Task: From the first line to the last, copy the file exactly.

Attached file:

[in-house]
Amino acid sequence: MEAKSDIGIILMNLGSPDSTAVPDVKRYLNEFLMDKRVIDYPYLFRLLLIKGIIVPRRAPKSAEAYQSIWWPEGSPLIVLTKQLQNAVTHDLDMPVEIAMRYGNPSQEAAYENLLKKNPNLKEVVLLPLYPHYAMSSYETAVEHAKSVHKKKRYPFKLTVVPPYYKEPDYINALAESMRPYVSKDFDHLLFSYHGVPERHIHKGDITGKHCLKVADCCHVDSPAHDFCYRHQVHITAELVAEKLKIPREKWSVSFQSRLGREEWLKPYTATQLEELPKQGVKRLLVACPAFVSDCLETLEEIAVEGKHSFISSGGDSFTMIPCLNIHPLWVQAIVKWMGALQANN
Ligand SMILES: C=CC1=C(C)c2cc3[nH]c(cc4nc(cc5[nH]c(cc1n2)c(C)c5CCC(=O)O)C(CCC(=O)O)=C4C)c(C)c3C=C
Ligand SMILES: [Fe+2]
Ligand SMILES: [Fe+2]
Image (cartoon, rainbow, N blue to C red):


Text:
[in-house]
Amino acid sequence: MEAKSDIGIILMNLGSPDSTAVPDVKRYLNEFLMDKRVIDYPYLFRLLLIKGIIVPRRAPKSAEAYQSIWWPEGSPLIVLTKQLQNAVTHDLDMPVEIAMRYGNPSQEAAYENLLKKNPNLKEVVLLPLYPHYAMSSYETAVEHAKSVHKKKRYPFKLTVVPPYYKEPDYINALAESMRPYVSKDFDHLLFSYHGVPERHIHKGDITGKHCLKVADCCHVDSPAHDFCYRHQVHITAELVAEKLKIPREKWSVSFQSRLGREEWLKPYTATQLEELPKQGVKRLLVACPAFVSDCLETLEEIAVEGKHSFISSGGDSFTMIPCLNIHPLWVQAIVKWMGALQANN
Ligand SMILES: C=CC1=C(C)c2cc3[nH]c(cc4nc(cc5[nH]c(cc1n2)c(C)c5CCC(=O)O)C(CCC(=O)O)=C4C)c(C)c3C=C
Ligand SMILES: [Fe+2]
Ligand SMILES: [Fe+2]
Image (cartoon, rainbow, N blue to C red):